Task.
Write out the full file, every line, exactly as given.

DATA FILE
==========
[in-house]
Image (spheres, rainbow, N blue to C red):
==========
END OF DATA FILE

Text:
[in-house]
Image (spheres, rainbow, N blue to C red):